Archive | September 2014

Country Threads BOM

For September the Country Threads BOM is calling for 4 blocks. The first block is a house block that finishes at 22″. I’ve never made a  house before, so this was something different for me. Our house is gray with green steel roofing; so that is why I used the fabrics I did.


The branches and leaves in the gray floral represent the  trees that surround our house. Those eyes with no body (kind of creepy) represent the orchestra of insects (cicadas, crickets, katydids and whatever else)  that serenade us in late summer evenings.


I like the left side of the house, but the right side looks rather austere. The Farmer said that part looks like a barn! I might take that apart and place a rectangular window in the section above the door.

I haven’t completed the other blocks; the fabric is cut though and ready to sew. Two of the blocks are a chevron pattern and the last block is to be another 12″ February pattern. I don’t know if I’ll get to those today. The sun is finally shining, tomatoes need to be picked and the grass needs to be mowed again.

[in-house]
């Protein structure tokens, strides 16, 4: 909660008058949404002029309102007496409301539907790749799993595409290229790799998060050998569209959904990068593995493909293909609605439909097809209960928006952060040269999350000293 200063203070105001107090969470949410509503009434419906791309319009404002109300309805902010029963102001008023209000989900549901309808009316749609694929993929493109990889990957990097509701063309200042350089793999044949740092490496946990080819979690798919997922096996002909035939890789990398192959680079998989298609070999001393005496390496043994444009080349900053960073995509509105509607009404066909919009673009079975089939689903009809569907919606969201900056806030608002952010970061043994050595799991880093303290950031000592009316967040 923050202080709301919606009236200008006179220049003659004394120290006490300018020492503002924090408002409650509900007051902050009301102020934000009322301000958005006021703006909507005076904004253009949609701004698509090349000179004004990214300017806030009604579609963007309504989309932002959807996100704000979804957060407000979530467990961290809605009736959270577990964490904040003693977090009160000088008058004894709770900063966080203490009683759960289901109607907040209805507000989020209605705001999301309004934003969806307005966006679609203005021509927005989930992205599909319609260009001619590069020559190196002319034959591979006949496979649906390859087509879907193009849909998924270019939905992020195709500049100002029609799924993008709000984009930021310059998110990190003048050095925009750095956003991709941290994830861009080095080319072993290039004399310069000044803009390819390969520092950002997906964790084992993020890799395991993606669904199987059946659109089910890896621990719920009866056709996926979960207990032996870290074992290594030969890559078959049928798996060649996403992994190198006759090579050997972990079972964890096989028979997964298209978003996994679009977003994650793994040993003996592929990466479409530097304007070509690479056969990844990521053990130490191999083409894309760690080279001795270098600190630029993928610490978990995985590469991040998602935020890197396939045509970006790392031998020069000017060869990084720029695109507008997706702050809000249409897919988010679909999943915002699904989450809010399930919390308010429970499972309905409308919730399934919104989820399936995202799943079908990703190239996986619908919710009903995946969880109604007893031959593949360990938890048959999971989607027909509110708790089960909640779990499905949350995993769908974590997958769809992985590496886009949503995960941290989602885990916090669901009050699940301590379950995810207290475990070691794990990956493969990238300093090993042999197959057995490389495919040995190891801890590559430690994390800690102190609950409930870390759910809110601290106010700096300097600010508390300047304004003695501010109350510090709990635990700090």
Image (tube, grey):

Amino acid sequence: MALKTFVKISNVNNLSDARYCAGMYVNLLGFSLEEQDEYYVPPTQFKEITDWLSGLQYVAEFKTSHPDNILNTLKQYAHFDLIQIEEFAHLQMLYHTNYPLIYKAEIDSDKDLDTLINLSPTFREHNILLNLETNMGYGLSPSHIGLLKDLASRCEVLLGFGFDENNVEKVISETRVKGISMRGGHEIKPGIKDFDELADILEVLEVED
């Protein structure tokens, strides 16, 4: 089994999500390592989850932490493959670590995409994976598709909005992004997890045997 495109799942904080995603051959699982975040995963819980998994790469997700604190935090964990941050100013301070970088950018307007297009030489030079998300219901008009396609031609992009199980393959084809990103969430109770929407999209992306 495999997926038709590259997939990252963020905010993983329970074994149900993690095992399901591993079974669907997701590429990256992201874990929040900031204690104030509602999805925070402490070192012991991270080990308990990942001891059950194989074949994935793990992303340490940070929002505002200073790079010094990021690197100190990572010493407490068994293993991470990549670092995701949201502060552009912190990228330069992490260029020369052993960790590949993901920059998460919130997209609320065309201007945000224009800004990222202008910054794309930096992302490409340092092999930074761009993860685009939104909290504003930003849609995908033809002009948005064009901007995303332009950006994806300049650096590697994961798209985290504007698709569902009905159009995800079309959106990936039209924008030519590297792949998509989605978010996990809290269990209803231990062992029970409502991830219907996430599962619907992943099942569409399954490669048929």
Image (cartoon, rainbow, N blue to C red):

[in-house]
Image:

September Garden

Where did August go? I can’t believe it is September already! The field radishes are growing in the west part of the garden.


The potato vines have died down, but I have a thriving crop of fox tail weeds that will need to be pulled before the potatoes can be dug.


Believe it or not, I am still getting green beans off those pitiful plants. I don’t know if they will keep going until frost. The carrots are growing. I don’t know why they didn’t come up the first time, I replanted in exactly the same location.


Did you notice, the bottom of the corn stalks are still curved. I don’t know if that will cause a problem with the combining.

The tomatoes are yielding well, all the tomato sandwiches I can eat!


The field radishes I planted last spring have done their job of suppressing weeds. The cosmos are bright and cheerful too.


We have had so much rain this year and with the cooler temperatures the corn and soybeans are behind in maturing. This hayfield is doing great. In another week we’ll make 4th cutting of hay from this field. This will mark the end of our haying season.


I’m still burned out from the weather last winter. Isn’t green a beautiful color? Unfortunately the rains haven’t been widespread. Many farms in eastern Indiana and southern Michigan aren’t lush and green.